- Legal institutions, strategic default, and stock returns
- Number of pages
- onbekend: Afdeling Business Studies
- Document type
- Working paper
- Faculty of Economics and Business (FEB)
- Amsterdam Business School Research Institute (ABS-RI)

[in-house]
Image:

This paper studies the impact of legal institutions on stock returns. More specifically, we examine how differences in debt enforcement and creditor protection around the world affect stock returns of individual firms. We hypothesize that if legal institutions prevent shareholders from engaging in strategic default, then, all else equal, firms in countries with better creditor protection and efficient debt enforcement should earn, on average, higher equity returns. We test this hypothesis using a comprehensive sample of publicly traded firms from 46 countries over the period 1989 to 2005. Adjusting stock returns for factors such as the market, liquidity, size, book-to-market, and momentum, we find results that strongly support our hypothesis. Distressed firms in countries with institutional environments that allow for efficient debt enforcement earn, on average, significantly higher returns than firms located in institutional environments that favor deviations from priority rules.
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